Greuze is not the first artist who has mistaken his vocation; but some have the grace to recognize the fact, a grace denied to Greuze. In love with his own work, devoured with vanity, irritable by nature and made still more so by criticism of which he could not endure the least touch, he angrily rebelled against the decision of the Academy, and in his heat refused to accept the offered title. He was met , however, by the official order: "Monsieur, the King wishes you to accept it" - and resistance was useless. He was dragged to the water but he could not be made to drink; he refused to send his pictures to the exhibitions, and ceased to do so after 1769, the year of his election. Carrying his spite still further, he quitted Paris and went to live for a time in Anjou, where he lodged with a friend and painted a number of pictures. He returned to Paris and continued his little war against the Academy, still refusing to send anything to the Salon, declaring that there was nothing but colored prints to be seen there, and that if people wanted to see pictures they must come to his studio! And they did come. He held an exhibition of his own, antedating by a hundred years the revolt of Courbet and the Impressionists in our own time who, rejected or ill-treated by the Salon, improvised Salons of their own at the very doors of the temple. To Greuze's exhibition the fashionable world flocked in crowds, and a visit to his studio became one of the social duties of every woman who wished to maintain her place in that world. The highest society, the greatest titles, the court itself, the nobility, princes of the blood, kings visiting Paris, came to admire in Greuze's house the portrait of Franklin, the "Pate Curse," the "Will Destroyed," the "Broken Jug" and "The Mother-in-law." And follow the lead of lords and ladies, came the citizens and their wives - since art was all the mood among others, Madame Roland is discerned. She has left a pleasant glimpse of herself and Greuze in a letter describing her visit.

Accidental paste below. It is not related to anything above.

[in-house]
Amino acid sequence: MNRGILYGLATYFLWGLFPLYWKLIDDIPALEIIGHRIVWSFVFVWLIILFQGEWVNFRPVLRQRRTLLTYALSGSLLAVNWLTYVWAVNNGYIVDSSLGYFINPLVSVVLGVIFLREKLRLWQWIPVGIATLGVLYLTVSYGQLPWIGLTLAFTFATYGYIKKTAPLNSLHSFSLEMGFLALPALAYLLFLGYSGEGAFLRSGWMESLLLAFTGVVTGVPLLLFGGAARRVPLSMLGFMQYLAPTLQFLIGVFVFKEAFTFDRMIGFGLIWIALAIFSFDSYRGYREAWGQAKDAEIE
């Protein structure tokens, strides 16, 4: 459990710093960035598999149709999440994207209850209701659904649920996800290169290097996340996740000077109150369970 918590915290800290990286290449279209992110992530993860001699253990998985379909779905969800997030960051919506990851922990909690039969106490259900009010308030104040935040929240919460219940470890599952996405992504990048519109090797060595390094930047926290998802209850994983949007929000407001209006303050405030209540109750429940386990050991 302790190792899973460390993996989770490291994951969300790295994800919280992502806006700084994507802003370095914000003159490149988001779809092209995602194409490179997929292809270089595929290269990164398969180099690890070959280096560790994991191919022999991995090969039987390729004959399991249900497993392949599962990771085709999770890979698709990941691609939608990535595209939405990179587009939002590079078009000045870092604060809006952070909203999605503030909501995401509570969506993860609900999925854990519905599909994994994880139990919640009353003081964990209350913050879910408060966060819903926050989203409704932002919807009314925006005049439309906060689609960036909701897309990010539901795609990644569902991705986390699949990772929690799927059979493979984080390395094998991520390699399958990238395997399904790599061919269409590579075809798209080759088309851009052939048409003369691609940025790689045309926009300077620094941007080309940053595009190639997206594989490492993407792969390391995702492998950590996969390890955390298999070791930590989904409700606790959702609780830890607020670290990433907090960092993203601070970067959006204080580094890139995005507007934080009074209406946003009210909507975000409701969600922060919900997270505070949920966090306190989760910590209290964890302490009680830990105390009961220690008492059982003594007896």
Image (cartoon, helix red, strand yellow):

"The Father's Curse," and "The Broken Pitcher" - these two pictures seen at the same time by Madame Roland in Greuze's studio may stand as representatives of the two classes in which his works easily divide themselves: his domestic and so-called "moral" subjects, as his "heads" of young people and children. Both these pictures are in the Louvre: "The Broken Pitcher" ("La Cruche Cassee") and "A Father explaining the Bible to his Family have enjoyed a wide popularity and have been many times engraved. Instead of reproducing these examples of Greuze's art we prefer to present our readers with others equally representative but not so familiar. "The Dead Bird" belongs to the same class as "The Broken Pitcher," and the "Childhood" is as good an example as could be found of the "Head". To the other class belongs the "Village Betrothal."